Marchers also will stand in solidarity with workers under attack in states like Wisconsin, Ohio and Indiana. Mahlon Mitchell, president of the Wisconsin Professional Firefighters Association, will be one of the featured speakers at the rally. Tom Morello of Rage Against the Machine will play along with Grammy award winning Latin rock and hip hop band, Ozomatli. Morello headlined a concert last month for the protestors in Wisconsin.
Kansas City Star
Heels rally past Devils
News & Observer
CHAPEL HILL — The bat of Tar Heels freshman Brian Holberton was the difference in North Carolina's 8-5 win over Duke in the first of a three-game series at Boshamer Stadium Friday. Holberton was inserted at second base …
UNC bandgwagon fans, you don't know the half of it
North Carolina dominates Marquette 81-63
Tar Heels hammer cold Eagles
When Obama administration Green jobs czar Anthony “Van” K. Jones resigned late Saturday night, September 3, 2009 over the long Labor Day weekend, a storm of breaking news about his radical anti-American history was being reported by conservative bloggers. One such storm was about the racist, hate-America rally Van Jones held the day after the September 11, 2001 terror attacks on the United States where speakers cheered the attacks and Jones himself said America deserved it.
World Net Daily was first to report on the rally, on August 28, 2009.
However, it was Powerline’s post the evening of September 3rd (and expanded on at Free Republic), hours before Jones’ resignation was announced, that included the first mention of what Jones said at the rally. The Powerline article was based on a leftwing report made at the time of the rally.
A YouTube video of the rally reported on by BizzyBlog on September 8th captures some of Jones’ remarks at the rally. (The quote from Jones is similar in nature to that quoted in the leftwing article. However, no context is given so Jones could have said both lines, or been accurately characterized but misquoted.)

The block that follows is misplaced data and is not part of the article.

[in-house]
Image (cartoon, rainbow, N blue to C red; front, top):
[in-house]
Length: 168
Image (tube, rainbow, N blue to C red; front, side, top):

Jones is featured twice at the end of the five minute video. BizzyBlog transcribed his comments:
(4:38) “It’s the bombs that the government has been dropping around the world that are now blowing up inside the U.S. borders.”
“We’ve got something stronger than bombs, we have solidarity. That dream of revolutionary change is stronger than bombs.”
One unidentified speaker on the video praised the 9-11 attackers as heroes (transcribed by Kristinn Taylor).
“We’re always seeing America dropping bombs on people. Now the chicken is coming home to roost, as Malcolm say. (Cheers from the crowd.) We gotta deal with it. They got people so dedicated they gonna commit suicide to make their point. We gotta understand there’s a war going on that people are fighting for their own life, for their land. Right? We gotta support those people. We cannot let the lies of the media take our spirits down. We don’t want to see our people dying, innocent people dying. But in fighting a war, they don’t have the army to fight and block our warfare with the American people. Don’t call them cowards. They’re heroes that died. And they’re the people that we have to support in this case. The people of color are rising here and we gotta understand that. I just want to say we gotta support and don’t let this thing turn your spirits down. Turn ‘em up!”
An article posted by “gkt” at the leftwing site Indybay.org in the early hours of September 13, 2001 reported on the rally held just hours before in Oakland, California’s Snow Park: